Turn Your Average Remote Events into Engaging Virtual Experiences
Whether you’re expecting 10 or 1,000, your audience needs to find your virtual event highly engaging. If they have a chance to think about all the other things they could or should be doing instead, you could lose them, to another task or worse, you could watch their interest in your chapter disappear as they start spending their time and ultimately their dollars, elsewhere.
We’ve spoken several times to Stan Phelps, customer experience and employee engagement expert, on ways for chapters to stand out and grow. This time, we asked him for those things he believes are critical to holding engaging virtual chapter events.
First…Define your goals and objectives.
Ask your planning team (get help with content, engagement, communications, etc.) questions like:• Who is the audience? What will they want?
• What’s the purpose of this event? Is this for members who want to learn about industry best practices? Network with other professionals?
• Why would they want to engage with your chapter for this?
• Will the expenses for this event be covered by a sponsor? What does the sponsor want to get out of this - awareness? More leads?
• What do you want to be sure attendees leave with? Is this to explain new regulations or just a fun time to connect?
Next…determine the event type that’s best to meet those goals and objectives.
A happy hour? A single speaker, or a monthly educational series (more below)? Should you be live or record the session and be live just for questions? Once you have details, determine the best platform: your chapter forum? Zoom? Skype? A combination? This is also the time to check in with your audience, to understand their comfort with the technology you plan to use; maybe a refresher will be in order before the event.
Finally…figure out the best ways to keep them engaged during the event.
You will be competing against checking email, picking up the phone, getting a cup of coffee, going to the mailbox, etc. Keeping a connection is never easy, considering the short attention span of humans, which means you need work hard to engage them from the start.
According to Dr. John Medina, after about 10 minutes on the same topic, our brains start to shut down. To avoid losing participants, Stan recommends switching things up every four to five minutes, to reset the audience and the clock. This doesn’t necessarily mean changing topics, but focusing them on something else, even if just briefly, by:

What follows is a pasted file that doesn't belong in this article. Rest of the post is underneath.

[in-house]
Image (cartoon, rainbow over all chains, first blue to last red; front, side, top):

• Including polls and chats. Start early to check people are listening and gauge their levels of understanding. The chat is great for kicking things off. Ask where attendees are from, how long they’ve been members, and even random questions about pets, to get their attention early while getting them comfortable with the technology.
• Using a Q&A function. Some platforms allow attendees to submit questions during the presentation. Answer them as they come in or at the end of a session.
• Delving deeper into topics with smaller groups. Breakout rooms work well for this and some platforms provide multiple ways to automatically segment the audience, so you don’t have to do it yourself.
Stan provided a few additional ideas for engagement, including:
Creating a defined agenda. Keep it shorter than the one you’d have for a live event. What do you really need to deliver?
Delivering the right content. Your content, as always, needs to be relevant, but it also needs to be quick and easily digestible.
Having a strong open. Let the audience hear from someone they know, to set expectations and explain the meeting goals and the agenda.
Utilizing a strong moderator. This is helpful for longer events, events in a series, or events with multiple presenters. This person is the glue who keeps things moving, introduces presenters, fills time between sessions, and ad libs during technical issues and the one who can ask thoughtful questions that the presenter may not think of in the moment, like “can you give an example of what you just mentioned.”
Bonus Tips…Stan’s ideas for successfully engaging during a webinar series.
Keep the same moderator for the entire series. To provide continuity and a consistent presence.
Design the sessions to build on each other. Cover a new topic but format each session so attendees consider some of what they heard earlier.
• Being mindful of time. Consider holding them on the same day of the week at the same time. Consistency makes it easier for people to remember when the sessions are.
• Making the series available to purchase as a package. This brings in revenue early while putting the series on calendars and increasing the chances members will attend.
• Having the recordings available quickly. We live with the expectations of an on-demand world. Many who couldn’t attend or those wanting a reminder of what they heard, will want access as close to the event as possible.
Virtual meetings, says Stan, are an opportunity to do something special. If you set them up properly, they’re a highly effective tool for building and maintaining relationships. Today, more and more chapters are finding they’re a must for their overall engagement plan.